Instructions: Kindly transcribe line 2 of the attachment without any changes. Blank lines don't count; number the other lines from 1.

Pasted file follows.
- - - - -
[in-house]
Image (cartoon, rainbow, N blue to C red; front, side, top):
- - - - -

Image (cartoon, rainbow, N blue to C red; front, side, top):